B. Effect of pH

One mL of acetate buffer (pH 4) and one mL 2% unbuffered starch were mixed in a large test tube. Two mL of the enzyme solution was added in a separate large test tube. Both the test tubes were incubated for ten minutes in a 37°C water bath. The solutions were immediately mixed. Three drops of the mixture was taken quickly and two drops of the 0.001 M iodine solution was added simultaneously onto a spot plate (first well). This was the zero minute. After

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one minute interval (incubation continued), three drops of the mixture was taken again and two drops of the iodine solution was added simultaneously onto the second well. This was the one minute. Step 5 was repeated until a light yellow-colored solution was observed. The time (t) was noted. For the other pH (5, 6.7, 8 & 10), steps 1 to 6 were repeated using the appropriate buffer. Acetate buffer solution for pH 5, phosphate buffer solution for pH 6.7 and 8, and bicarbonate buffer for pH 10 were used. The reciprocal of time (1/time, min-1) in step 6 versus the buffer pH was plotted. The optimum pH of the amylase was determined.

III. Results and Discussion

The effect of temperature and pH on the enzymatic activity of salivary amylase was determined by measuring the rates of reaction in varying temperatures and pH. The 0.5% NaCl added in the enzyme solution activates the salivary amylase to perform its function – to hydrolyze starch. The hydrolysis or breakdown of starch due to the action of salivary amylase is indicated by the change in color of the starch solution from a blue-black color to a light yellow-colored solution.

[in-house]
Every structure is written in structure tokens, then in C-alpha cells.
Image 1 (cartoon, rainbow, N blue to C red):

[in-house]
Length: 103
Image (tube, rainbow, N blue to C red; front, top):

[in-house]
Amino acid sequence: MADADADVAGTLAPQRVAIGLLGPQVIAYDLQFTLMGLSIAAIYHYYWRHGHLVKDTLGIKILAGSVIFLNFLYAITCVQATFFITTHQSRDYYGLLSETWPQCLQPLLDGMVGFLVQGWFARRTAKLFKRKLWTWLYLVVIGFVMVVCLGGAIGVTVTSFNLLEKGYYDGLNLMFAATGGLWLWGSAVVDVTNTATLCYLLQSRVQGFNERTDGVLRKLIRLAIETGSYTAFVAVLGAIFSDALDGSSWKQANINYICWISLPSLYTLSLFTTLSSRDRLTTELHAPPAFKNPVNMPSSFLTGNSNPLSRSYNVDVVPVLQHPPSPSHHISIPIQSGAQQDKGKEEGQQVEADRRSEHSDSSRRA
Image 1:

A. Effect of Temperature

Each enzyme has an optimum temperature at which it performs best. Below or above this temperature, the enzyme loses its functionality. Table 1 shows the results obtained on how enzyme activity of salivary amylase is affected by temperature.

Table 1. Results for the effect of temperature on salivary amylase activity Temperature (T) °C time (t) min 1/t (min-1)

4 0

Room temperature, 32 1.00 1.000

37 11.0 0.091

50 6.00 0.167

70 0

Extreme temperatures cause the native folded structure of proteins to uncoil into random configuration. As a result, the protein loses its biological enzymatic activity. This denaturization

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consequently leads to loss of activity. Figure 1 shows the graph of the reciprocal of time against temperature based on the data from Table 1.

Figure 1. Plot of the reciprocal of time against temperature for the enzymatic activity of salivary amylase

The graph produced a bell-shaped curve with the highest peak indicating the optimum temperature for enzymatic activity. At 4°C, enzymatic reaction of salivary amylase occurs slowly or not at all due to lack of energy and heat. As the temperature increases, its enzymatic also increases up until the optimum temperature. Figure 1 shows that the optimum temperature of salivary amylase ranges from 32°C to 37°C.This applies to the human body since salivary amylase is suitable to function within these temperatures. After 37°C, the graph then steeply declines as a result of loss of activity. At 50°C and 70°C, salivary amylase is denatured. The molecular conformation of the enzyme becomes altered as the hydrogen bonds responsible for its secondary, tertiary and quaternary structures are broken [4].

B. Effect of pH

Most enzymes are active only over a narrow pH range and have an optimal pH, at which reaction is the fastest. An increase or decrease in pH also causes denaturation in enzymes, thereby affecting their activity. Table 2 shows the results obtained on how enzyme activity of salivary amylase is affected by pH.